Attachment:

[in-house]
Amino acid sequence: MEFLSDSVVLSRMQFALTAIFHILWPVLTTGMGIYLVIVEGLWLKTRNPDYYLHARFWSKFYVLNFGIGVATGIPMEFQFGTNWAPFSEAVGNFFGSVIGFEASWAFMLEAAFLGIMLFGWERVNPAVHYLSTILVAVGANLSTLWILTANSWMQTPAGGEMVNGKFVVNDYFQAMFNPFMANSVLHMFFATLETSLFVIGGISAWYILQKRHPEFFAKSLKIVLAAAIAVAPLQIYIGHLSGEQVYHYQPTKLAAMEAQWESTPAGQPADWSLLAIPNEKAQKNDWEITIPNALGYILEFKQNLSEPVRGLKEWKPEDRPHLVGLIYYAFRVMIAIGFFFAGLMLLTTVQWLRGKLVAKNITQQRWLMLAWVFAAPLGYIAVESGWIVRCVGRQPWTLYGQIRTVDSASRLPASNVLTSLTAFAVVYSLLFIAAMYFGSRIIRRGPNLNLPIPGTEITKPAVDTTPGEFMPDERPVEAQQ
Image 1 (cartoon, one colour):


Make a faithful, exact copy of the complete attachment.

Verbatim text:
[in-house]
Amino acid sequence: MEFLSDSVVLSRMQFALTAIFHILWPVLTTGMGIYLVIVEGLWLKTRNPDYYLHARFWSKFYVLNFGIGVATGIPMEFQFGTNWAPFSEAVGNFFGSVIGFEASWAFMLEAAFLGIMLFGWERVNPAVHYLSTILVAVGANLSTLWILTANSWMQTPAGGEMVNGKFVVNDYFQAMFNPFMANSVLHMFFATLETSLFVIGGISAWYILQKRHPEFFAKSLKIVLAAAIAVAPLQIYIGHLSGEQVYHYQPTKLAAMEAQWESTPAGQPADWSLLAIPNEKAQKNDWEITIPNALGYILEFKQNLSEPVRGLKEWKPEDRPHLVGLIYYAFRVMIAIGFFFAGLMLLTTVQWLRGKLVAKNITQQRWLMLAWVFAAPLGYIAVESGWIVRCVGRQPWTLYGQIRTVDSASRLPASNVLTSLTAFAVVYSLLFIAAMYFGSRIIRRGPNLNLPIPGTEITKPAVDTTPGEFMPDERPVEAQQ
Image 1 (cartoon, one colour):